Child Suspect Interviews (3520_16)
1. Please provide or describe any policies, procedures, guidelines or standard operational practices which dictate or otherwise influence the decision as to which officers or investigative staff interview child suspects.
(An `interview’ is defined in paragraph 11.1A of Code C of the Police and Criminal Evidence Act (PACE) 1984: `An interview is the questioning of a person regarding their involvement or suspected involvement in a criminal offence or offences which, under paragraph 10.1, must be carried out under caution. A `child’ is a person aged between 10-17 years old. A `suspect¿ is a person who is interviewed under paragraph 11.1A).
2. Is it mandatory for a person interviewing a child suspect to have a minimum level of training? What is that level e.g. Tier 1, Tier 2 or Tier 3 or other?
3. What proportion of interviews of child suspects are conducted by officers with Tier 1 training within the last 12 months or other recent timeframe?
4. What proportion of interviews of child suspects are conducted by officers with Tier 2 training within the last 12 months or other recent timeframe?
5. What proportion of interviews of child suspects are conducted by officers with Tier 3 training within the last 12 months or other recent timeframe?
Our data are not organised in such a way as to allow us to provide this information. For questions 3, 4 and 5 this information is not recorded in a searchable format.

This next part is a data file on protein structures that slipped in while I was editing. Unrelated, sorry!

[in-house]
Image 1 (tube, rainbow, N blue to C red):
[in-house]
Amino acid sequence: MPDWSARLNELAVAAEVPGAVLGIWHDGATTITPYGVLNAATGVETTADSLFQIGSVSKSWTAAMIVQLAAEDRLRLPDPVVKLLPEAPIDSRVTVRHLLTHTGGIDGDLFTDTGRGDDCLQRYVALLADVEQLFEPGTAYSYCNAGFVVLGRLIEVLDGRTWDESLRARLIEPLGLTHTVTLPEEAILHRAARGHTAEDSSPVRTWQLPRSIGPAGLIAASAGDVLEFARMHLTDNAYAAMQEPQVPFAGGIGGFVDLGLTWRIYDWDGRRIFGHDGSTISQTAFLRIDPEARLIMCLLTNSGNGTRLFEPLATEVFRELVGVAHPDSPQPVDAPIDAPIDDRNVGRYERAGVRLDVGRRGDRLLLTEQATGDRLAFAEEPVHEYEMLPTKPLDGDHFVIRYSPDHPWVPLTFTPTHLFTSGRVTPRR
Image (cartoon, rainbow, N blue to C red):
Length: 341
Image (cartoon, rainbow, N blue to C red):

Please note that researching each individual case would exceed the appropriate limit (FOIA, s.12 (1)).
Therefore, the cost of compliance with your request is above the amount to which we are legally required to respond, i.e. the cost of locating and retrieving the information would exceed the appropriate costs limit under section 12 of the Freedom of information Act 2000. For West Midlands Police, the appropriate limit is set at £450, as prescribed by the Freedom of Information and Data Protection (Appropriate Limit and Fees) Regulations 2004, S.I. 3244.
A public authority which, in relation to any request for information, is relying on a claim that section 12 or section 14 applies must, within the time for complying with Section 1(1), give the applicant a notice stating that fact. In accordance with the Freedom of Information Act 2000, this letter acts as a refusal notice.
Although excess cost removes the force’s obligations under the Freedom of Information Act, as a gesture of goodwill I have supplied information, relative to your request, retrieved before it was realised that the fees limit would be exceeded. I trust this is helpful, but it does not affect our legal right to rely on the fees regulations for the remainder of the request.